If you’re looking to future-proof your tech today, buying devices that work with Apple or Nest’s platforms is one great option. Another option is to consider a 3rd party smart hub that offers a more broad spectrum of product compatibility. My three favorite examples of this type of device are the Samsung SmartThings Hub, the Wink Connected Home Hub, and the Staples Connect Hub. The future of the Wink Hub is in jeopardy, with Quirky’s recent sale to Flextronics of the Wink brand, but their recent blog post indicates they will be moving onward, and upwards. Staples has done very little to update their platform recently, and while this is what I currently use for my testing, the interface is bland at best, though the service has proven reliable. Finally, there is the SmartThings Hub, who recently released their newest hub, and a slew of updates, integrations, and even their own new sensors. All three are viable options.
Another interesting newcomer to the Smart Home arena is the Amazon Echo, which is meant to provide voice commands to control your various devices. The Echo is not a central hub, but more so is a device which can introduce voice into the smart home, and works with both iOS and Android. Our favorite part of the Echo is how it can be combined with either the Wink Hub or the SmartThings Hub, making a great team for your smart home. In the coming weeks I’ll be publishing a review that directly compares Apple HomeKit versus the Wink Hub and the SmartThings Hub. For the latter, we’ll be teaming that home up with the Amazon Echo to provide is similar levels of performance using localized voice commands. Stay tuned for more on how to assemble a more complex smart home.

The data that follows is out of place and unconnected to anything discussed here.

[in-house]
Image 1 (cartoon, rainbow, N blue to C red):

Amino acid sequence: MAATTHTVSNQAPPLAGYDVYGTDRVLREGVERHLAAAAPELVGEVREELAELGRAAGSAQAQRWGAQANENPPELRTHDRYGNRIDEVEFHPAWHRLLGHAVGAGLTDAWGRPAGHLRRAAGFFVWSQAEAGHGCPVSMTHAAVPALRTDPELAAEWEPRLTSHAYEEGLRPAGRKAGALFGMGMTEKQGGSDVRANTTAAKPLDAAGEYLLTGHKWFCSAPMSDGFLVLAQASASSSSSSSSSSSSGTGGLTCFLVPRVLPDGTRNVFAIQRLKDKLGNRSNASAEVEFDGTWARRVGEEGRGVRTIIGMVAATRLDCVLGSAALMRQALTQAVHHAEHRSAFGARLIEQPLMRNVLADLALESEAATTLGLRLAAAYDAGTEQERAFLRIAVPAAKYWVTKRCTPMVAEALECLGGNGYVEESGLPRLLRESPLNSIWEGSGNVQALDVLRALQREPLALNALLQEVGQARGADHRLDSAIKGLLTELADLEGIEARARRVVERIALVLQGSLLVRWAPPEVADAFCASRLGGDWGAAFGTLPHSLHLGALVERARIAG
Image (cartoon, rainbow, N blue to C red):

As you read the various reviews below on lighting, try to think about other home automation products that you may desire in the future. Make sure the bulbs you choose are compatible with a platform you like, such as the Wink Hub or SmartThings Hub or Works with Nest. Check compatibility on those respective manufacturer’s web sites, to ensure you can grow your smart home over time. And if you want to use Siri, try to err towards HomeKit compatible products (which in this review is just one option).
We’d love to hear your comments below. Do you have questions about making two items work together? Ask us– and we’ll reply quickly! We love talking tech… but for now, let’s go test those bulbs!
If you’ve never heard of the GE Link Connected LED Light Bulb line-up, you’re not alone. They are almost exclusively sold at Home Depot stores due to their relationship with the Wink Connected Home Hub family. And thanks to a relationship between GE and Wink, these bulbs are most likely on your radar if you are about to purchase a new (or are already an existing owner of a) Wink Hub system.
The GE Link bulbs use a wireless protocol called Zigbee to communicate, and like most of the bulbs here will require some sort of hub to make them work since they lack WiFi. If you already own a Wink Hub that is the best way to use these bulbs, but for most of you reading this review you probably don’t already have a hub, or maybe aren’t ready to make that purchase until you learn a bit more. Don’t fret, as there is a really nice GE Link Starter Kit which includes two bulbs, and a miniature version of their hub that you can plug into any outlet, and is quite affordable. This mini hub does have some future limitations as to the number/type of devices it can control, but for a starter kit, is more than adequate to make your entrance into smart home lighting. And you can always get full-size Wink Hub down the road, if you want!